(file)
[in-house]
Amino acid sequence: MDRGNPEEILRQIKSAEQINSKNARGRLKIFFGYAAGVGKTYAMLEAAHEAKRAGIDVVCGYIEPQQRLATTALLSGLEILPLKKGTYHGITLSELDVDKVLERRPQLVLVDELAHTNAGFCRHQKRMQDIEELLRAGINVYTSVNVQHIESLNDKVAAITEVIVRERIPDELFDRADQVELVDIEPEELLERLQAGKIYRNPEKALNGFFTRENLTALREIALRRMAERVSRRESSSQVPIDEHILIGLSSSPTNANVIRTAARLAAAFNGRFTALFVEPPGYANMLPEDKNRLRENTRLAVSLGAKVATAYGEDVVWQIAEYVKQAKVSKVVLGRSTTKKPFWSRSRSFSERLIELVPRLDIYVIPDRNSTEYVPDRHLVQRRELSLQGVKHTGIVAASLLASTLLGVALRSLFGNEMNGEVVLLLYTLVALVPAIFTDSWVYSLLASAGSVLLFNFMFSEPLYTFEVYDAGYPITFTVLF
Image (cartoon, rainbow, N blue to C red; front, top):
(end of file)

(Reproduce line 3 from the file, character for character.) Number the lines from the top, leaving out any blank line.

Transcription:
Image (cartoon, rainbow, N blue to C red; front, top):